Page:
Felix Schlag

Welcome! 

This site is intended to honor Felix Schlag, the German/American artist responsible for the design of the Jefferson Nickel. It provides information about Mr. Schlag, Jefferson Nickels, and seeks to be a registry for the 150 autographed proofs that were signed by Felix Schlag circa 1939.

Please come back often as we add new content.

** Attention authors and editors **
If you are writing or reviewing manuscripts pertaining to Felix Schlag and/or the Jefferson nickel competition, please feel free to contact us <info@FelixSchlag.com> if you would like to verify facts.  Since 2012, when this project began, we have amassed nearly 1,500 pages of source material on the topic and are more than happy to assist those who want to get the story right.

In Search of 150 Proofs

In 1939 Felix Schlag received 150 1938 Jefferson Nickels from the US Mint.  He took these nickels, of proof quality, and mounted them in a certificate bearing his signature and had them notarized before distributing them to family and associates.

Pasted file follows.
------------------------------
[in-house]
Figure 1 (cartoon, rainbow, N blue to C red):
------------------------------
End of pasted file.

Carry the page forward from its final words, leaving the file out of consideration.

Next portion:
Only a handful of the certificates have
surfaced on the Internet in recent years and perhaps a few more have found their way to auction houses or antique shops.  Through this site, we hope to be a central registry for these numismatic artifacts.  The goal is to account for as many of the 150 as possible! 

If you have any information about the 150 certificates, please share it!  Rest assured that all information provided will be held in strict confidence. 

Felix Oskar Schlag
(September 4, 1891 - March 9, 1974)

A detailed and sourced timeline of Felix's life is available here.






Jefferson Nickel Competition
(January 25, 1938)

Many accounts of the origin of the Jefferson Nickel seem content to state that when the Indian Head or Buffalo nickel reached the end of its 25 year statutory required minimum life the United States Treasury held a design competition
Jefferson Nickel Competition
and Felix Schlag's submittal was selected from some 398 entrants.

A much richer picture can be painted by studying the history of the period and understanding what may have been shaping the thoughts of the U.S. Government and the Treasury Department as they held this competition.

More content here.